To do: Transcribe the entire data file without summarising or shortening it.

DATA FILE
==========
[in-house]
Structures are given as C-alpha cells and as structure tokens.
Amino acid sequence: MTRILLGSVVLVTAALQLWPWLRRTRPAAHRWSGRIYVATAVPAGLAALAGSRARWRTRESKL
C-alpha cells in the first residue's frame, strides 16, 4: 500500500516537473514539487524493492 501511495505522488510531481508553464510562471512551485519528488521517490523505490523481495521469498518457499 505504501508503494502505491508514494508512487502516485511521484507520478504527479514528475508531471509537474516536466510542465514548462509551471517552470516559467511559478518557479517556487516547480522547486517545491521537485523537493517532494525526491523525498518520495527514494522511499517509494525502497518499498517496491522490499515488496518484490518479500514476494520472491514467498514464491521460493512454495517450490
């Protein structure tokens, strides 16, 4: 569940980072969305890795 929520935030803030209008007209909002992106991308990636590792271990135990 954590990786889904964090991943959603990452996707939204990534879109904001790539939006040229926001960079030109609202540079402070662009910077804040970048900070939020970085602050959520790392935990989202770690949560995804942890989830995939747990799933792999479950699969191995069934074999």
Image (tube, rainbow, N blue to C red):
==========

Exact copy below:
[in-house]
Structures are given as C-alpha cells and as structure tokens.
Amino acid sequence: MTRILLGSVVLVTAALQLWPWLRRTRPAAHRWSGRIYVATAVPAGLAALAGSRARWRTRESKL
C-alpha cells in the first residue's frame, strides 16, 4: 500500500516537473514539487524493492 501511495505522488510531481508553464510562471512551485519528488521517490523505490523481495521469498518457499 505504501508503494502505491508514494508512487502516485511521484507520478504527479514528475508531471509537474516536466510542465514548462509551471517552470516559467511559478518557479517556487516547480522547486517545491521537485523537493517532494525526491523525498518520495527514494522511499517509494525502497518499498517496491522490499515488496518484490518479500514476494520472491514467498514464491521460493512454495517450490
């Protein structure tokens, strides 16, 4: 569940980072969305890795 929520935030803030209008007209909002992106991308990636590792271990135990 954590990786889904964090991943959603990452996707939204990534879109904001790539939006040229926001960079030109609202540079402070662009910077804040970048900070939020970085602050959520790392935990989202770690949560995804942890989830995939747990799933792999479950699969191995069934074999």
Image (tube, rainbow, N blue to C red):